So I am using Capistrano to deploy a rails application to my production server (apache+passenger) and at the moment deployment usually goes along the lines:

$cap deploy
$cap deploy:migrations

It got me wondering, let's say my db:migrations took a long time to execute on the production server (a big refactor of the db schema) - in this case what is best practice with Capistrano? What happens if users are connected to my application at the time of deployment? Should I gracefully send users to a static placeholder page while the database is being updated? Does Capistrano handle this automagically? Do I need to code up a recipe to help with this? Or does the internal mechanisms of rails / passenger mean that I don't have to worry at all about this particular case?


2 Answers 2


You should put up a maintenance page if the application is not going to be available for a while. I use this Capistrano task:

namespace :deploy do
  namespace :web do
    desc <<-DESC
      Present a maintenance page to visitors. Disables your application's web \
      interface by writing a "maintenance.html" file to each web server. The \
      servers must be configured to detect the presence of this file, and if \
      it is present, always display it instead of performing the request.

      By default, the maintenance page will just say the site is down for \
      "maintenance", and will be back "shortly", but you can customize the \
      page by specifying the REASON and UNTIL environment variables:

        $ cap deploy:web:disable \\
              REASON="a hardware upgrade" \\
              UNTIL="12pm Central Time"

      Further customization will require that you write your own task.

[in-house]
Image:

task :disable, :roles => :web do
      require 'erb'
      on_rollback { run "rm #{shared_path}/system/maintenance.html" }

      reason = ENV['REASON']
      deadline = ENV['UNTIL']      
      template = File.read('app/views/admin/maintenance.html.erb')
      page = ERB.new(template).result(binding)

      put page, "#{shared_path}/system/maintenance.html", :mode => 0644

The app/views/admin/maintenance.html.erb file should contain:

<p>We’re currently offline for <%= reason ? reason : 'maintenance' %> as of <%= Time.now.utc.strftime('%H:%M %Z') %>.</p>
<p>Sorry for the inconvenience. We’ll be back <%= deadline ? "by #{deadline}" : 'shortly' %>.</p>

The final step is to configure the Apache virtual host with some directives to look for the maintenance.html file and redirect all requests to it if it's present:

<IfModule mod_rewrite.c>
  RewriteEngine On

  # Redirect all requests to the maintenance page if present
  RewriteCond %{REQUEST_URI} !\.(css|gif|jpg|png)$
  RewriteCond %{DOCUMENT_ROOT}/system/maintenance.html -f
  RewriteCond %{SCRIPT_FILENAME} !maintenance.html
  RewriteRule ^.*$ /system/maintenance.html [L]

To put the application into maintenance mode, run cap deploy:web:disable and to make it live again do cap deploy:web:enable.

  • 1
    Will the maintenance page be served with "200 OK" or "503 Service Temporarily Unavailable"? Google might think, your precious content might be gone, if you serve it with 200 OK. See googlewebmastercentral.blogspot.com/2011/01/…
    – iGEL
    Sep 20, 2011 at 15:55
  • 1
    Good point, Capistrano itself suggest the following snippet for the .htaccess: gist.github.com/1292705 Oct 17, 2011 at 14:23
  • 1
    You forgot the enable task!
    – Jay Levitt
    Dec 16, 2011 at 20:17
  • 1
    @Jay Levitt The enable task is built in to Capistrano itself, so there's no need to specify it explicitly unless overriding it. Dec 17, 2011 at 9:03

My production deploys generally follow this process:

  1. cap production deploy:web:disable which directs all requests to a static maintenance page
  2. cap production deploy
  3. migrations etc, testing each of the servers individually to make sure things are OK
  4. cap production deploy:web:enable to make the site work as it should

John Topley's response gives you some good in depth info here.

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